Linux Kernel Windows Compatibility

Linux Kernel in Windows 10

How does the new Windows Subsystem for Linux (v2) works?

Microsoft recently announced that they will soon be shipping a Linux Kernel that’s integrated right into Windows 10. This will allow developers to leverage the Windows 10 platform when developing applications for Linux. In fact, this is the next step in the evolution of Windows Subsystem for Linux (WSL). Let’s review WSL version 1 before getting into the knitty-gritty of Linux kernel intergation and what it means.

If you want to get started with WSL (v1) here is a guide for that.

1.  WSL version1

The Windows Subsystem for Linux should really be called a Linux subsystem for Windows. It offers a driver (a subsystem) for the Windows OS, that translates Linux system calls into native Windows 10 system calls that the NT kernel understands.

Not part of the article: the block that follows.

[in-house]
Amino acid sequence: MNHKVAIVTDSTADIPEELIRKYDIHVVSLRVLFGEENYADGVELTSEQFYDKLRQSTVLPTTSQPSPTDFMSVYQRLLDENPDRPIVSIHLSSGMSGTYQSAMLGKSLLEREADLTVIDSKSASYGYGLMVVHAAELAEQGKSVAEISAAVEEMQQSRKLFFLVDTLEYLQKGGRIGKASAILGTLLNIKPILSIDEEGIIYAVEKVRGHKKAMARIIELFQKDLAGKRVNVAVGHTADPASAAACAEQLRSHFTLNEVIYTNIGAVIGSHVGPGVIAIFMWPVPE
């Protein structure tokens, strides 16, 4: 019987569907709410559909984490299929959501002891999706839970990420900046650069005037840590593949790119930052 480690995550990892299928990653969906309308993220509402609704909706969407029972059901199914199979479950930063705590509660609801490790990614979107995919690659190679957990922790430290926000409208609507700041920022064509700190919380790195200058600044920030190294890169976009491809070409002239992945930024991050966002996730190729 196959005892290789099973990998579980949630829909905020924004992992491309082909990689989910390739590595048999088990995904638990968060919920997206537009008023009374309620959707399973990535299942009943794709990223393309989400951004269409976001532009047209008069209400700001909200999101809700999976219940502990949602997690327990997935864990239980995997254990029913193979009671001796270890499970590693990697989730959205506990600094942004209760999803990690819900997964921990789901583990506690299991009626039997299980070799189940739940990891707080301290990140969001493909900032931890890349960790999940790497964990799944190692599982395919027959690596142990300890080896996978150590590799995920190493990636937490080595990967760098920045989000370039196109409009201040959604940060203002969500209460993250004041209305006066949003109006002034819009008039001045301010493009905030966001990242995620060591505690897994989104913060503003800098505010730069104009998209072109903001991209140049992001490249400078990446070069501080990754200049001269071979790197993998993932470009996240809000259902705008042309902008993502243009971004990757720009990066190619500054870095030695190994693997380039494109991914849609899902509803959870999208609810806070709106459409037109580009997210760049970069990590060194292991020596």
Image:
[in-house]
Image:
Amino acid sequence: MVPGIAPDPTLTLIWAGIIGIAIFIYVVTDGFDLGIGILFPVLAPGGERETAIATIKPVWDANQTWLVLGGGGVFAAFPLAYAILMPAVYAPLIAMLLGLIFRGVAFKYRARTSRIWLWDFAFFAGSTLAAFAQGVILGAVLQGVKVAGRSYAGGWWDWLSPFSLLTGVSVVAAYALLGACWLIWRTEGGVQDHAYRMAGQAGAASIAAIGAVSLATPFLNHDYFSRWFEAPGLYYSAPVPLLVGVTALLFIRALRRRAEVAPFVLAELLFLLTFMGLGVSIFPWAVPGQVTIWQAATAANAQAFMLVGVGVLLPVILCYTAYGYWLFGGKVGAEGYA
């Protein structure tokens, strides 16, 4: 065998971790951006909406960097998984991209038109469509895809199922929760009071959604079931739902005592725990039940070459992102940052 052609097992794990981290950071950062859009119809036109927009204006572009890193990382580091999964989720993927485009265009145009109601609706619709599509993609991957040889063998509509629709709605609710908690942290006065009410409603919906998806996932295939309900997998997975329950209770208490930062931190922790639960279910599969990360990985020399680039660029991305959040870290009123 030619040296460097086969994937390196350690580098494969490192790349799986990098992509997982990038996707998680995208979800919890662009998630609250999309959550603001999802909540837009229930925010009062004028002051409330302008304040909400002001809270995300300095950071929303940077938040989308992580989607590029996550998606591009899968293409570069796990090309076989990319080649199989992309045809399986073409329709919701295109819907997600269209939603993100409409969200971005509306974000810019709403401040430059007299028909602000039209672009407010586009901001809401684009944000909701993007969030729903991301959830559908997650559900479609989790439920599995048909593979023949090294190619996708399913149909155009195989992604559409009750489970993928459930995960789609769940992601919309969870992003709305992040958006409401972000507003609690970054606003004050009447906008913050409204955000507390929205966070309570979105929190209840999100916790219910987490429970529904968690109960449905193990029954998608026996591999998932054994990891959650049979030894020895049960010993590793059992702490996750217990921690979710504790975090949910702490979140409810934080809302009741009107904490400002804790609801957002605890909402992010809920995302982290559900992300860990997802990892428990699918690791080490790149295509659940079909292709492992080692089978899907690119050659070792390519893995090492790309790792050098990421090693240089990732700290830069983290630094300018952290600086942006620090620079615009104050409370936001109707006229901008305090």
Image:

This creates a somewhat believable illusion for Linux binaries that they are, in fact, running on top of a Linux kernel! This works well enough that not only can you run simple 64-bit binaries compiled for Linux, but you can run an entire Userland (a.k.a a Linux distribution like Debian or Ubuntu) on top of WSL v1. So when you install Ubuntu from Microsoft store, it just fetches the Ubuntu userland binaries that Canonical ships for the Microsoft’s WSL v1 enviroment.

However, WSL v1 is still far from perfect. Certain semantics that a Linux system would expect are totally unacceptable on Windows. For example, you can’t change the file name of an open file on Windows, but you can do that on Linux.

Other obvious examples include WSL v1’s poor filesystem performance and its inability to run Docker.

2.  WSL v2 the Linux Kernel